by Darrell Jobman, Editor-in-Chief


The dollar strengthened to 1.3410 against the Euro on Wednesday, a 7-week high for the US currency, but was unable to break important resistance levels. The Euro, in turn, was unable to make any headway, stalling below the 1.3450 level.

The US ADP report recorded a May employment increase of 97,000 following a downwardly-revised 61,000 for April. There was a further decline in manufacturing jobs while there was steady growth in services employment. The ADP report suggests that there will be monthly BLS payroll increase of around 120,000 for May once government jobs are added in. This is close to expectations and will not provide a strong market lead.

The FOMC minutes from the May meeting were close to expectations with the Fed stating that inflation was still the predominant concern. The minutes stated that housing would weigh on the economy for longer than expected, but that the risks to capital spending had eased. The minutes continue to suggest that the Fed will be content to leave rates on hold in the short term. Futures markets as a whole have cut the chances of a rate cut this year to around 50% which will provide near-term dollar support.

Euro-zone money supply data recorded a drop in annual M3 growth to 10.4% from 10.9% the previous month. The ECB will take some comfort from the slowdown, but will want a sustained a deeper slowdown before suspending interest rate increases.

Source: VantagePoint Software, Market Technologies, LLC


The yen was unable to make much headway against the dollar but gained to near 163.0 against the Euro before a retreat to 163.60. Thereafter, the yen fluctuated in these ranges during US trade with the yen tracking stock market movements.

The Chinese stock market fell sharply on Wednesday which offered some support to the yen, although the impact was measured. The Japanese yen will be in a better position to strengthen if there is sustained weakness in global stock markets.

The Japanese industrial production data was weaker than expected with a 0.1% decline in April compared with expectations of a modest increase for the month. The data will dampen immediate optimism over the economy, although the Bank of Japan is still likely to push for an early move to increase interest rates which will help protect the yen.


Sterling was unable to make any significant headway against the Euro on Wednesday, weakening to near 0.68, and dipped to lows near 1.9730 against the dollar.

The latest YouGov survey reported that inflation expectations for the next 12 months were steady at 2.5% in May compared with a peak of 2.7% in January. The stabilisation in expectations will help ease inflation fears to some extent. BOE Governor Blanchflower warned that there were some upside inflation risks, but he also stated that there was spare capacity. Blanchflower tends to be dovish on policy and the immediate impact should be limited.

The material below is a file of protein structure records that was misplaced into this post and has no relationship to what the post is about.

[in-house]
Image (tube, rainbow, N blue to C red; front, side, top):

The consumer confidence and CBI retail surveys will be monitored over the next 24 hours for further evidence on retail spending trends. The UK currency will remain vulnerable if there is evidence of a significant slowdown in spending.

The UK currency will also tend to weaken if there is a sustained reversal in carry trades given that Sterling has benefited strongly from buying against the yen over the past few months.

Swiss franc

The franc retained a slightly firmer tone against the Euro on Wednesday and was again testing Euro support levels below 1.6450. The franc was little changed against the dollar with the US currency unable to mount a challenge on the 1.23 level.

The Swiss currency gained some support from a drop in Chinese stocks, although the market response was relatively limited. The Swiss currency will gain further ground if there is a more sustained increase in risk aversion.

Expectations of a tough National Bank policy in June will also continue to provide franc support, especially if there is a high consumer inflation report on Friday.

Australian dollar

The Australian dollar found support close to 0.8170 against the US currency before a rally to 0.8220 in US trade.

The retail sales data was weaker than expected with a 0.1% increase in April, although the annual increase was still firm at 6.2%. The Australian currency will be at risk of a steeper correction if US yields rise further in the short term even though domestic confidence will still provide protection. The levels of global risk aversion will also be watched closely and renewed gains for global stock markets would support the Australian dollar.

Source: VantagePoint Software, Market Technologies, LLC